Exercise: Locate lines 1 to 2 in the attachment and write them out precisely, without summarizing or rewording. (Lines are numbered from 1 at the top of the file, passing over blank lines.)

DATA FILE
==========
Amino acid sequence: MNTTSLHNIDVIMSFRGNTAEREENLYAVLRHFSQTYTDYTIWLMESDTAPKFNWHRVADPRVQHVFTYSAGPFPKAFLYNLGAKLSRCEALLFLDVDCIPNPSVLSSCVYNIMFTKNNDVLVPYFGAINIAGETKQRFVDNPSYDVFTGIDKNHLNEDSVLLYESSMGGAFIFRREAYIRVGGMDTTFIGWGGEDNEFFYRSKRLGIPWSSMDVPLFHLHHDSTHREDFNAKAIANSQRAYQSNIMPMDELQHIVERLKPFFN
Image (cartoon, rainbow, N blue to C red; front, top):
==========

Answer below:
Amino acid sequence: MNTTSLHNIDVIMSFRGNTAEREENLYAVLRHFSQTYTDYTIWLMESDTAPKFNWHRVADPRVQHVFTYSAGPFPKAFLYNLGAKLSRCEALLFLDVDCIPNPSVLSSCVYNIMFTKNNDVLVPYFGAINIAGETKQRFVDNPSYDVFTGIDKNHLNEDSVLLYESSMGGAFIFRREAYIRVGGMDTTFIGWGGEDNEFFYRSKRLGIPWSSMDVPLFHLHHDSTHREDFNAKAIANSQRAYQSNIMPMDELQHIVERLKPFFN
Image (cartoon, rainbow, N blue to C red; front, top):